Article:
Mr. Tweed’s Good Deeds: An Unusual Counting Book about the Power of Small Kindnesses
“A library is no place for three lost mice.”
By Maria Popova
However anguishing the art of asking for help may be, little is more gladdening than the act of giving it. That’s the premise behind Mr. Tweed’s Good Deeds (public library) — a most unusual and gorgeously illustrated counting book by Jim Stoten, using Mr. Tweed’s small acts of kindness to teach kids the numbers and sneak in a subtle lesson on the power of grace.
On his daily walk into town, Mr. Tweed encounters various friends and neighbors, each having misplaced something valuable or dear. The search for these missing items becomes as much a counting game as it does a portal into Mr. Tweed’s whimsical, psychedelic world.
Little Colin Rocodile is missing his one kite and Mrs. Fluffycuddle her two kittens.
Mr. Tweed crawls up the numbers as he lends each a helping hand — there he is at the library, looking for Mr. McMeow’s three lost mice, for “a library is no place for three lost mice”; there he is on the bridge, consoling Little Penny Paws, who has dropped the seven flowers for mother into the river. There is a “Where’s Waldo” feel as a busy, vibrant scene of thoughtfully organized colorful chaos invites a visual scavenger hunt for the missing items.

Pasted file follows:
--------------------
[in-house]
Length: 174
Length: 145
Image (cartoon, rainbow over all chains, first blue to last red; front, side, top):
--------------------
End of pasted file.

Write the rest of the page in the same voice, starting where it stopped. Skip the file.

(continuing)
After a long day of small kindnesses for his friends and neighbors, Mr. Tweed is summoned to a surprise party they have thrown to thank him, where he is presented with exactly ten gifts.
Mr. Tweed’s Good Deeds comes from independent British picture-book press Flying Eye Books, whose roster of heartening gems includes a sweet celebration of connection and inner softness, the delightful field guide of mythic monsters, a visual chronicle of Shackleton’s historic polar expedition, and some illustrated rocket fuel for the souls of budding Sagans.
For sending young ones off into a different stage of life with the same message, see George Saunders’s fantastic commencement address on the power of kindness. For another take on numbers, see Paul Rand’s wonderful vintage children’s book Little 1.
Published November 13, 2014